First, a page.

from Wiktionary, Creative Commons Attribution/Share-Alike License
- adj. Capable of being extracted
from the GNU version of the Collaborative International Dictionary of English
- adj. Capable of being extracted.
from The Century Dictionary and Cyclopedia
- Capable of being extracted.
from WordNet 3.0 Copyright 2006 by Princeton University. All rights reserved.
- adj. capable of being extracted
Sorry, no etymologies found.
With Eadie we have found that the free glucose extractable from the muscles by warm alcohol is reduced following the injecting of insulin, but we know nothing of the fate of the glucose which disappears.
“Knowing the potential for extractable resources from this tremendous oil accumulation, and others like it, is critical to our understanding of the global petroleum potential and informing policy and decision makers,” said USGS Energy Resources Program Coordinator Brenda Pierce.
Countries with abundant, extractable, nonrenewable resources such as oil and gas too often are dependent on that single economic sector.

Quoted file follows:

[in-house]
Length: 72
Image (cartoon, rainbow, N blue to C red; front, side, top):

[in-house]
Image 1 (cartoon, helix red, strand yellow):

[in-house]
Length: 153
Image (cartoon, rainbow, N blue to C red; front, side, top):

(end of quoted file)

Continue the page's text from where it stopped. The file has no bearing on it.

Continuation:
His characters have neither proper names nor social background and there is no easily extractable message.
Even if every last drip of every last barrel of that recoverable oil resource were extractable and not even the Murkowski-commissioned report is arguing it is, it would run out in about 20 years at current consumption rates.
Here's a more specific example: according to the report, the extractable value of Cameroon's tropical forests, on the order of $700 per hectare per year (for timber, fuelwood and non-timber products), is less than the forests 'climate and flood benefits, which add up to about $900-$2,300 per hectare per year.
A negative LCROSS result tells us specifically whether or not lunar ice is in quantities that are easily extractable without esoteric and hertofore unimagined technologies that would require mining significant areas of the surface to obtain.
Reliance's share of the Pioneer shale acreage adds net 4.5 trillion cubic feet of gas to the company's 8 trillion cubic feet of proven extractable gas equivalent in India.
Early millers used the “arrastre,” or Mexican, method of ore extraction, hitching horses or mules to the wooden spokes of a large wheel and walking them in a continuous, infernal circle to grind down the ore into extractable nuggets.
However, the current way of doing things doesn't really provide or collect easily extractable cost impacts.
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